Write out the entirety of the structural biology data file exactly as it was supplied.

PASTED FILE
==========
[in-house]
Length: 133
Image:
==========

[in-house]
Length: 133
Image: